Listen to the Story on All Things Considered
Listen to the Story on All Things Considered
Few Americans eat horse meat, and many don't like the idea of horses being slaughtered. But a handful of investors are struggling to restart a horse-slaughter industry in the U.S.
Thousands of American horses are already slaughtered for the European and Asian markets for horse meat each year in Mexico and Canada.
Proponents of reviving the U.S. slaughterhouses argue that they would be good for the horse business, and more humane than the current situation of shipping them across the borders. The issue cleaves horse owners into two camps: those that view horses as pets, and those who see them as livestock.
'We Have Standards'
Cynthia MacPherson led efforts to kill two proposed horse slaughterhouses in southern Missouri. To her, it would be like slaughtering pets.
"If you said, 'I'm going to open a puppy mill to breed dogs because people in China and people in France want to eat dog meat,' I think there'd be a big public outcry. And that's what we have here," she says.
Public opposition has hounded horse slaughter since Congress funded inspections for it a couple of years ago. U.S. Humane Society President Wayne Pacelle argues that horses suffer more than other animals at slaughter. He also contends that the meat is dangerous, since horses can be treated with drugs not allowed in animals raised specifically for food.
"We have standards. We have values in society. You don't just opportunistically harvest whatever animal is around," Pacelle says.
Assets or Pets?
Sue Wallis, a Wyoming lawmaker with a dozen horses, says there are two "very different styles" of meat production going on. She says fattening up animals fast — and slaughtering them young — is the modern way to produce meat. Horse slaughter, she says, follows an older model.
"Chickens for eggs, lambs for wool, cows for milk, horses for work, and when their useful, productive life has passed, then you turn them into meat," she says.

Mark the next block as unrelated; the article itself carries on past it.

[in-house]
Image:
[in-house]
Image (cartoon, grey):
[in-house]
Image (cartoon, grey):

For Wallis, horses are livestock first and companions second — more assets than pets. And that's common in rural areas.
In Jamesport, Mo., horse-drawn buggies park next to cars. Elmer Beechy, a wiry man sporting a faded black hat and a beard, runs a shop that sells horse equipment.
"I really love horses. But when they're no good to me, what are you going to do with them? We don't want to take 'em out back and shoot 'em," he says. "They may just as well be slaughtered, and get some use out of them."
Meat for horse eaters, money for horse owners.
Until they were shut down, domestic slaughterhouses provided a ready market for old, hobbled or unruly steeds. It made horses more valuable. Beechy says shutting it down has spurred a glut of unwanted and neglected animals.
"There's a lot of horses out there in the pasture, hurting. Some of them linger three or four years, suffer every day. And the slaughter's the best place for them," he says.
Domestic slaughter, he means. The long hauls to slaughter plants in Canada and Mexico can brutalize the animals, and burn up the seller's profit. So thousands of horses have just been abandoned on Indian reservations, cow pastures and public lands.
"People will just stop and open the trailer and turn 'em out and drive off," says Jim Smith, who maintains a wild horse refuge in the Missouri Ozarks. As far as he's is concerned, the solution lies in opening what he calls "killer plants."
In The Market
Dave Rains shows off his home-made "knock box," a lightly padded steel cage built to confine a horse that's about to be shot in the head. Necessary business, he says, but not work he's looking forward to.
"It's hard, but it's a better end than a slow, painful death, and that's what a lot of these horses are going through right now," he says.
Rain's finances are suffering, too. He built this plant on the corner of his farm near Jamesport to process naturally raised beef and pork. When big companies saturated that marketplace, he put in for a permit to butcher horses. He expected to be in business this time last year.
"I knew there'd be some opposition, but I never dreamed it would be at the level that it has been," Rain says.
A lawsuit, backed by the Humane Society, now stands between Rains and a state permit. A plant in New Mexico is also embroiled in litigation.
Rains has picked up work driving a school bus to help make ends meet and keep his own saddle horses fed, while he waits to find out whether or not horses will once again be slaughtered in the U.S.
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